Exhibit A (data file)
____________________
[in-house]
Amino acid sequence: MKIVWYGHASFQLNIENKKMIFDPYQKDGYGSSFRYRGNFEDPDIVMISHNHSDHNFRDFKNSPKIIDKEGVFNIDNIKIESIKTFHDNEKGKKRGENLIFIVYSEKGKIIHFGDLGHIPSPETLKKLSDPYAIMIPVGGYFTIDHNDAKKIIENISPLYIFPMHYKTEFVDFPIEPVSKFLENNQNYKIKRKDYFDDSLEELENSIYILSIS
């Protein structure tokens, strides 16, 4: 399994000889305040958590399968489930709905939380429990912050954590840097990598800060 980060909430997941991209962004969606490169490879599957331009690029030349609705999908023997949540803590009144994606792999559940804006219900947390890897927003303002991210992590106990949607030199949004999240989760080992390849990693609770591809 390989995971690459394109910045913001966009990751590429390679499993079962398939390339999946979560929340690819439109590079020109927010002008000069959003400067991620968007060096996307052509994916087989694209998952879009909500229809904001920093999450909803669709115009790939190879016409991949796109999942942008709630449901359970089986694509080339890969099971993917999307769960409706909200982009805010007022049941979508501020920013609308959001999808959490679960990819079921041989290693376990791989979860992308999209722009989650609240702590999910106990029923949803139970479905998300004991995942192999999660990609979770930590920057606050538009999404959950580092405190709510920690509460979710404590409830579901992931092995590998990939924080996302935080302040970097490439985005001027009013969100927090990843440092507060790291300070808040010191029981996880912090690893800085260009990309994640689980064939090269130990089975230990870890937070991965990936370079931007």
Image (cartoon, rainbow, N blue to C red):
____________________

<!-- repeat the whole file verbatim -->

[in-house]
Amino acid sequence: MKIVWYGHASFQLNIENKKMIFDPYQKDGYGSSFRYRGNFEDPDIVMISHNHSDHNFRDFKNSPKIIDKEGVFNIDNIKIESIKTFHDNEKGKKRGENLIFIVYSEKGKIIHFGDLGHIPSPETLKKLSDPYAIMIPVGGYFTIDHNDAKKIIENISPLYIFPMHYKTEFVDFPIEPVSKFLENNQNYKIKRKDYFDDSLEELENSIYILSIS
């Protein structure tokens, strides 16, 4: 399994000889305040958590399968489930709905939380429990912050954590840097990598800060 980060909430997941991209962004969606490169490879599957331009690029030349609705999908023997949540803590009144994606792999559940804006219900947390890897927003303002991210992590106990949607030199949004999240989760080992390849990693609770591809 390989995971690459394109910045913001966009990751590429390679499993079962398939390339999946979560929340690819439109590079020109927010002008000069959003400067991620968007060096996307052509994916087989694209998952879009909500229809904001920093999450909803669709115009790939190879016409991949796109999942942008709630449901359970089986694509080339890969099971993917999307769960409706909200982009805010007022049941979508501020920013609308959001999808959490679960990819079921041989290693376990791989979860992308999209722009989650609240702590999910106990029923949803139970479905998300004991995942192999999660990609979770930590920057606050538009999404959950580092405190709510920690509460979710404590409830579901992931092995590998990939924080996302935080302040970097490439985005001027009013969100927090990843440092507060790291300070808040010191029981996880912090690893800085260009990309994640689980064939090269130990089975230990870890937070991965990936370079931007």
Image (cartoon, rainbow, N blue to C red):